However, I see a prevalence of "monsters sitting in their room waiting to die" in most dungeons in APs. I like to play monsters with at least a modicum of intelligence, so when they hear that life-and-death struggle in the next room, they will consider joining in or at least check out what's happening.

My players prefer dynamic dungeons. If the sentries sound an alarm, then reinforcements will rush in. This means that taking out the sentries silently by stealth or deception is worth the roleplaying effort and investment, so the game develops more strategic dimensions. Some dungeons are disorganized, such as goblins without a leader, and cannot muster a defense, but most strongholds have a planned response to enemies.

My players and I have an informal agreement. If they gather intelligence, through Gather Information or scouting or Recall Knowledge or talking Diplomatically to the enemy, then I will give them useful information. This allows them to play at a high strategic level. Monsters sitting in a room must have interacted with the other dwellers in the dungeon, unless they are mindless or the other dwellers avoid them, so I roleplay those connections. They often learn that some monsters won't interfer with their mission and leave them alone.

Thus, my player characters in Iron Gods sat down to a picnic with a chuul. That challenge was supposed to be a monster waiting in ambush but instead it became a Diplomatic encounter.

"James Jacobs' wrote:
When we build adventures, we do so with the expectation that a GM is running them and can adjust things as the plot unfolds to keep things dynamic and reactive to how the party is doing, what they're doing, and what the expectations of the players might be.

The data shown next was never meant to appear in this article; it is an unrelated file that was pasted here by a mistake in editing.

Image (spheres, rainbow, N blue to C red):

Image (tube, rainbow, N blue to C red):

My players changed the plot in 3 modules (out of 21 modules and playtest chapters that I have run) so heavily that the modules became sourcebooks about the setting rather than an adventure to follow. The modules are written to also serve as sourcebooks with a wealth of setting material in the adventuring areas and in articles in the back. I think this is one of James Jacobs' design goals for the modules.

Consider what happened this November in Fangs of War, the 2nd module of Ironfang Invasion. Two new players joined my game, and to aid their integration into the party I gave them a heroic role of escorting three refugees. The refugees had news of the hobgoblin invasion, that the hobgoblins had taken out the village of Redburrow and were advancing on Radya's Hollow. The party was supposed to learn this weeks later in the 3rd module, Assault on Longshadow, after the hobgoblins succeeded. The ranger in the party grew up in Radya's Hollow. They were going to save the Radya's Hollow.

I had to convert a conquered town into a town under siege. I took the Assault on Longshadow mission for Radya's Hollow (rescuing prisoners sent by the hobgoblins to work in a deadly haunted mine) and changed the story to fit earlier (rescuing two volunteers who entered the mine to scavenge a lost case of healing potions).

My players don't let me play a module without the enemy responding sensibly. They want verisimilitude to build up their strategic picture. Besides, the improvisation and the re-invention are a fun part of running a campaign.

In addition, my party can defeat a Beyond-Extreme-Threat encounter because of their teamwork and adaptive tactics. Therefore, I have no qualms about combining two Moderate-Threat encounters together into an Extreme-Threat encounter.